Recently released statistics on home prices from CoreLogic®, a data and analytics company, corroborate some of the trends seen in the FHFA data.  For example, the CoreLogic figures show a much slower rate of appreciation in Arkansas than for the national average.  In fact, the full-sample CoreLogic numbers show a decline in Arkansas home prices during 2013.  After netting out distressed sales*, however, home prices were up 3.2% from December 2012 through December 2013.  The CoreLogic statistics also show relative weakness in Fort Smith and Hot Springs — as do the FHFA data.  Net of distressed sales, however, prices in Fort Smith were rising faster than the statewide average.  Increasing prices in Texarkana confirm that the short-term weakness suggested by the FHFA data is likely a data anomaly, and not a sign of a trend reversal.

Source:  CoreLogic®

Source: CoreLogic®

____

* Distressed sales include properties that have been through foreclosure and those that are exchanged in “short-sales” (in lieu of foreclosure).

 

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Arkansas Taxable Sales – 2013:Q4 (Preliminary*)

By , February 11, 2014 2:30 PM

Preliminary data on Arkansas Taxable Sales (ATS) show a slight decline in the fourth quarter of 2013 — down 0.2% from the previous quarter (seasonally adjusted).  The fourth quarter decline followed a 0.7% contraction in the third quarter.   Expenditures on gasoline fell by 7.5% in the fourth quarter, primarily as a result of lower prices.  Accordingly, Arkansas Taxable Sales Including Gasoline (ATSIG) declined by 0.5% compared to the previous quarter.  Over the four quarters from 2012:Q4 to 2013:Q4, the net increase in ATS was 2.1%.  Including gasoline, the year-over-year gain was only 1.1%.

Sources: Department of Finance and Administration, Oil Price Information Service, Institute for Economic Advancement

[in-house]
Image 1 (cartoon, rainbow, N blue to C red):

Sources: Department of Finance and Administration, Oil Price Information Service, Institute for Economic Advancement

Sources: Department of Finance and Administration, Oil Price Information Service, Institute for Economic Advancement

Sources: Department of Finance and Administration, Oil Price Information Service, Institute for Economic Advancement

For the year as a whole, ATSIG was 2.5% higher than the previous year — matching the rate of increase from 2011-2012.  Following a 7.4% decline during the recession year of 2009, taxable sales had shown a rebound of 5.2% in 2010.   The slower growth in subsequent three years has barely exceeded the rate of CPI inflation.  (Annual CPI increases were 3.1% in 2011, 2.1% in 2012, and 1.5% in 2013.)

ATSIG-2013

Sources: Department of Finance and Administration, Oil Price Information Service, Institute for Economic Advancement

 # # #

Arkansas Taxable Sales (ATS) is calculated by the Institute for Economic Advancement to serve as a timely proxy for Arkansas retail sales. The series is derived from sales and use tax data, adjusting for the relative timing of tax collections and underlying sales, changes in tax laws, and seasonal patterns in the data.  Arkansas Taxable Sales Including Gasoline (ATSIG) incorporates data on the state motor fuel tax and gasoline prices from the Oil Price Information Service.

A spreadsheet of the data is available here: Arkansas Taxable Sales 2013:Q4(P) (Excel file)

* Data are preliminary until the release of the DFA report, Arkansas Fiscal Notes for January 2014, and will be updated when information becomes available.

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Metro Area Employment and Unemployment – December 2013

By , February 6, 2014 2:52 PM

Yesterday’s news release from the Bureau of Labor Statistics summarized unemployment in the nation’s metropolitan areas as follows:  “Unemployment rates were lower in December than a year earlier in 339 of the 372 metropolitan areas, higher in 25 areas, and unchanged in 8 areas.”  In Arkansas, the counts were far less favorable.  Compared to December 2012, unemployment rates were lower in only half of Arkansas’ metro areas — and by fairly small magnitudes.  Unemployment rates were up in three metro areas, and up sharply in Pine Bluff and Texarkana.  The rate in Little Rock was unchanged.

Source:  Bureau of Labor Statistics, Local Area Unemployment Statistics (LAUS)

Source: Bureau of Labor Statistics, Local Area Unemployment Statistics (LAUS)

Smoothed seasonally adjusted estimates show that the most recent month-to-month changes were more favorable.  From November to December, unemployment rates declined in four of the state’s metro areas, were unchanged three, and ticked up by 0.1% in Fort Smith.

Source:  Bureau of Labor Statistics, Smoothed Seasonally Adjusted Metropolitan Area Estimates

Source: Bureau of Labor Statistics, Smoothed Seasonally Adjusted Metropolitan Area Estimates